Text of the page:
25 Poisonous Plants in Hawaii

Plants that may appear to look lush and green in the Hawaiian flora could actually be toxic and poisonous. Even if they appear unusual, they have the ability to entice you and they may be dangerous even if you only touch them once. Like weeds, dangerous plants can take root on premises that are not adequately maintained. Due to this, the safety of guests, employees, and bystanders on your premises is compromised.

Therefore, you need to be aware of common toxic plants to avoid them and get them removed if required by a landscape specialist. Many plants in Hawaii are toxic, so be careful while venturing outside. It’s a common misconception that you can only find toxic plants in the wild. You may find the brightly colored fruits and leaves of deadly plants right in your garden in Hawaii. You and your loved ones should beware of this deceiving beauty!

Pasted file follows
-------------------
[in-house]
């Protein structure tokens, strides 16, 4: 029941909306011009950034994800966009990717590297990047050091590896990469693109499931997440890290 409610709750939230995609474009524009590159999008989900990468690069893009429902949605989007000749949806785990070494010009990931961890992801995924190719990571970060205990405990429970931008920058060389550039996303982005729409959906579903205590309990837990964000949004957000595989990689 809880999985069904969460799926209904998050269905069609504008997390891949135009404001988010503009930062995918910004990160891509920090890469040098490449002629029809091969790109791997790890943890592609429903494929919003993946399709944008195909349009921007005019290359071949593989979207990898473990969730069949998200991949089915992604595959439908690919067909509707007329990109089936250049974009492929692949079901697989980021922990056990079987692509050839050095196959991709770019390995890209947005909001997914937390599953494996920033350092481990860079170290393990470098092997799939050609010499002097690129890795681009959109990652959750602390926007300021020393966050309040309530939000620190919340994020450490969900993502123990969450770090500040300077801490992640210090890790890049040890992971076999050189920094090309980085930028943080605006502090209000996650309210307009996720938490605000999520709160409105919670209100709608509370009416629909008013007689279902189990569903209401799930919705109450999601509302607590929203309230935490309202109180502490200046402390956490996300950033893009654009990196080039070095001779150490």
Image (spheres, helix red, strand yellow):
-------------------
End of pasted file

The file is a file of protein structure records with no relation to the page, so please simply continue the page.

Elephant Creeper, Swiss Cheese Plant, Water Lettuce, Pink Wood Sorrel, and other deadly plants can be found across Hawaii, depending on the location. You can protect yourself, your pets, and your children if you are well-informed about these plants. If you’re visiting Hawaii and perhaps one of the fantastic botanical gardens, be aware of the following list of twenty-five poisonous plants.

1. Frangipani (Plumeria)

In Apocynaceae’s Rauvolfioideae subfamily, there is a flowering plant genus known as Plumeria, or frangipani. Trim trees and shrubs make up the majority of the species. Plumeria plants, commonly cultivated as beautiful shrubs or small trees in gardens, require soil that drains well and is somewhat acidic to thrive. Frangipanis, which are common and somewhat toxic, can irritate the digestive tract if ingested. The sap’s irritant properties can cause rashes in some animals when it comes into contact with their lips or through breaking a branch or leaf.